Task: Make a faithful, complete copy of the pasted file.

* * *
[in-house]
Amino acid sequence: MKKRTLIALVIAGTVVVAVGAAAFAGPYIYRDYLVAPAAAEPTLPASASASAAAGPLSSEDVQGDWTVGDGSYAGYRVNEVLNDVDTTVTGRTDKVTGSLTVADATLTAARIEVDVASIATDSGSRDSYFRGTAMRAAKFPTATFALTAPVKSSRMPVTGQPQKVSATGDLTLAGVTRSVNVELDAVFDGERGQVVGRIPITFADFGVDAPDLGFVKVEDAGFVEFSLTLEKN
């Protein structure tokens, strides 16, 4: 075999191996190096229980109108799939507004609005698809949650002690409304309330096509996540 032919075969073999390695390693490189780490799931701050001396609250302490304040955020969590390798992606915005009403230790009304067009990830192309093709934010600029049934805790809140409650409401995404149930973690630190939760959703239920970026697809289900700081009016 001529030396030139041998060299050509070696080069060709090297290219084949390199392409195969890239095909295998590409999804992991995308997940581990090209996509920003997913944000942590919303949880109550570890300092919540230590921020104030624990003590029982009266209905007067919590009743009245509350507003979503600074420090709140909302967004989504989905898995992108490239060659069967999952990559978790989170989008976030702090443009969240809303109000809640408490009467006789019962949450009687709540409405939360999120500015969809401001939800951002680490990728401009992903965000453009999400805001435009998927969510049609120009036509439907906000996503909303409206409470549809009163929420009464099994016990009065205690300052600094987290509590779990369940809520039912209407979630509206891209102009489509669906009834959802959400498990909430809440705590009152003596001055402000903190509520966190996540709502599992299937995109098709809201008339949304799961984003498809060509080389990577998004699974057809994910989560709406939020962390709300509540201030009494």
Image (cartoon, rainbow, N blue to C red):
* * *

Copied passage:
[in-house]
Amino acid sequence: MKKRTLIALVIAGTVVVAVGAAAFAGPYIYRDYLVAPAAAEPTLPASASASAAAGPLSSEDVQGDWTVGDGSYAGYRVNEVLNDVDTTVTGRTDKVTGSLTVADATLTAARIEVDVASIATDSGSRDSYFRGTAMRAAKFPTATFALTAPVKSSRMPVTGQPQKVSATGDLTLAGVTRSVNVELDAVFDGERGQVVGRIPITFADFGVDAPDLGFVKVEDAGFVEFSLTLEKN
């Protein structure tokens, strides 16, 4: 075999191996190096229980109108799939507004609005698809949650002690409304309330096509996540 032919075969073999390695390693490189780490799931701050001396609250302490304040955020969590390798992606915005009403230790009304067009990830192309093709934010600029049934805790809140409650409401995404149930973690630190939760959703239920970026697809289900700081009016 001529030396030139041998060299050509070696080069060709090297290219084949390199392409195969890239095909295998590409999804992991995308997940581990090209996509920003997913944000942590919303949880109550570890300092919540230590921020104030624990003590029982009266209905007067919590009743009245509350507003979503600074420090709140909302967004989504989905898995992108490239060659069967999952990559978790989170989008976030702090443009969240809303109000809640408490009467006789019962949450009687709540409405939360999120500015969809401001939800951002680490990728401009992903965000453009999400805001435009998927969510049609120009036509439907906000996503909303409206409470549809009163929420009464099994016990009065205690300052600094987290509590779990369940809520039912209407979630509206891209102009489509669906009834959802959400498990909430809440705590009152003596001055402000903190509520966190996540709502599992299937995109098709809201008339949304799961984003498809060509080389990577998004699974057809994910989560709406939020962390709300509540201030009494």
Image (cartoon, rainbow, N blue to C red):